Peacefully surrounded by the love of her family, at Central Place on Friday morning, January 5th, 2007. Mona Warner VAIR (née AYRES,) of Owen Sound, in her 89th year. Dearly beloved wife of the late Rev. Allan H. (Mike) VAIR. Loving mother of Pamela VAIR and her husband, Bill HALEY, of Owen Sound and Penny VAIR and her husband, Mike PHILLIPS, of Leith. Proud grandmother of Michael VAIR- HALEY and Kendra VAIR- HALEY. Dear friend to Doctor Susan COREY. Mona will be sadly missed by her brother, Bob AYRES and her two sisters, Beatrice WOOLEVER and Muriel FRASER. Predeceased by her parents, Jack and Mabel AYRES and her two brothers, Ted and Jim AYRES. Friends may call at the Brian E. Wood Funeral Home, 250 - 14th Street West, Owen Sound (519-376-7492) on Sunday from 6: 00-9:00 p.m. A Memorial Service to celebrate Mona's life will be held at St. Andrew's Presbyterian Church, 865 - 2nd Avenue West, Owen Sound on Monday, January 8th, 2007 at 11: 00 a.m. with Rev. Ted CREEN officiating. Interment in Greenwood Cemetery, Owen Sound at a later date. If so desired, the family would appreciate donations to an Education Bursary at the O.S.C.V.I. in memory of Mona VAIR as your expression of sympathy. Messages may be sent to brian@woodfuneralhome.ca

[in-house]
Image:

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PHILLIPS o@ca.on.grey_county.owen_sound.the_sun_times 2007-07-03 published
MALONEY, Helen or “Lena” (née PHILLIPS)